- Provide the government with data on industry trends: By tracking the use of NAICS codes, the government can gather valuable data on industry trends. This information can help shape their procurement strategies and identify areas where they need to make changes to better align with the needs of the federal marketplace.
How NIACS Codes are registered in the SAM Database?
The North American Industry Classification System (NAICS) codes are a critical component of the government procurement process. For businesses seeking government contracts, accurate registration of their NAICS codes in the System for Award Management (SAM) database is essential.
The SAM database is a centralized repository of information about businesses that want to do business with the federal government. It’s used by all federal agencies to verify a business’s eligibility for government contracts. During registration, businesses must provide information about their company, including their NAICS code. This code is used by the government to identify the types of goods or services the business provides, ensuring they are eligible for contracts in their area of expertise.
Businesses must also ensure their NAICS codes are up-to-date and accurate to maximize their opportunities for success. Inaccurate codes can cause a business to miss out on opportunities that are a good fit for their capabilities, potentially costing them valuable contracts.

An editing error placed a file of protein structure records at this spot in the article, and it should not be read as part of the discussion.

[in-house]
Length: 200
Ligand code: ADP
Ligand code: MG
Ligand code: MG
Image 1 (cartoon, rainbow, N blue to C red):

Ultimately, NAICS codes are a crucial tool for businesses seeking government contracts. Registering accurate codes in the SAM database increases the chances of a business being selected for contracts that match their expertise, leading to potential growth and success in the federal marketplace. At GSA Focus, we understand the importance of NAICS codes and can help guide businesses through the registration process to maximize their chances of securing government contracts.
History of the NAICS Code
- 1930’s: The Standard Industrial Classification (SIC) system is developed to classify businesses by the type of activity they are primarily engaged in and to promote comparability of business data.
- 1987: The Office of Management and Budget (OMB) updates the SIC system.
- 1991: International Conference on the Classification of Economic Activities is held to explore criticisms of the SIC system.
- 1992: OMB establishes the Economic Classification Policy Committee (ECPC) to conduct a review of economic classifications.
- 1993: OMB announces plans to revise the SIC system for 1997 and the process for revising the SIC is established
- ECPC and Statistics Canada review the existing SIC structure and determine the need for a new industry classification system.
- 1997: The North American Industry Classification System (NAICS) replaces the SIC system.